Veteran Malaria Expert Fights On Against Tough Opponent

During his 46-year career as a malaria expert, Dr Yeang Ch­heang has battled more formidable foes than mosquitoes.

More than a quarter-century ago, as the Lon Nol regime tottered toward oblivion, Yeang Chheang was part of a civilian brigade holed up in Siem Reap’s Grand Hotel d’Angkor that re­pelled a Viet Minh attack. And after 1979, with the country’s mal­aria program virtually extinguished, he played a key role in rebuilding it.

“Yeang Chheang is not only a veteran malaria fighter, but also serves as a living library of malaria control,” Dr Stefan Hoyer, medical officer for malaria control at the World Health Org­aniza­tion, said Wednesday. “There is no one else who has done more to secure the re-establishment of malaria control following the Pol Pot regime, or put forth such energy and rigor to this day.”

Maintaining this energy has required Yeang Chheang to hold optimism in the face of what has been staggering reversals since the 1960s.

Following a visit to Sihan­oukville in late February, the 63-year-old National Malaria Center medical officer noted that last year, the hard-hit area had seen a 60 percent drop in cases following the distribution of impregnated mosquito nets.

Yet, despite signs of progress in the country’s remote and mountainous regions, those most vulnerable to outbreaks of malaria, Yeang Chhang acknowledged that Cambodia has yet to achieve the level of malaria control taken for granted 40 years ago.

“It was better in the 1960s than now,” he said. “Even in the hospitals one rarely saw advanced cases of malaria. Doctors actually had difficulty finding serious malaria patients.”

Beginning his career as an entomologist technician in 1955, Yeang Chhang recalls the heady days when a program supported by the WHO set out to “eradicate” malaria throughout the country.

By 1963, he said, this goal had been modified to malaria control. The country was divided into four sectors in which a total of about 500 personnel carried out bi-annual blood tests and sprayed homes with insecticide at six-month intervals.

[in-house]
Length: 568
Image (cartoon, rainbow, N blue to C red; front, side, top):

But with the overthrow of then-Prince Norodom Sihanouk in 1970, this program was limited to the slices of countryside under the control of the besieged Lon Nol regime.

“Almost all areas of the country were occupied by the Khmer Rouge, and activity in the countryside almost came to a standstill,” he said. “Kompong Som [Sihanoukville] and even Kom­pong Cham could not be reached except by plane.”

As the program’s northern regional chief, Yeang Chheang was based in Siem Reap in the early 1970s, at the time two luxury hotels in the area were leveled by rebel shelling. By 1972, he was removed to Battambang. Two years later, he was appointed bureau chief in Phnom Penh, which saw severe outbreaks of malaria as refugees streamed in from the war-torn countryside.

By the time the Khmer Rouge claimed total victory on April 17, 1975, the country’s malaria program had spent only $200,000 of the $1.8 million the WHO channeled into the program for that year.

Yeang Chheang, who avoided parts of the countryside where he was likely to be recognized, lived to claim the remainder of that funding a few years later.

When the Pol Pot regime was toppled in 1979, Yeang Ch­heang was one of about 35 surviving mal­aria experts in the country. He would serve as provincial health director of Kompong Thom until 1981, when he was ap­pointed by the Peop­le’s Re­public of Kam­p­uchea to re-establish a malaria control program.

Support for the program was provided through Un­i­cef until 1989, and three years later, WHO re-established an official presence in Cam­bodia, where it provides technical support and ser­v­es as a channel of international funding.

His expertise is still relied upon by the National Malaria Center and WHO, as he makes frequent field trips into remote, malaria-infested parts of rural Cambodia to distribute mosquito nets.

More than most, Yeang Ch­heang is painfully aware of the toll taken on the country’s health care infrastructure by the Khmer Rouge regime and decades of civil war. But he prefers to focus on the successes of recent years and envisions a brighter future.

“At last, we can see a 50-percent improvement [in malaria control] compared to 1990,” he said.

“This is mainly due to the development of health centers throughout the country and the distribution of bed nets through the Ministry of Health. Our health infrastructure is much better than it was even 10 years ago.”

 

 

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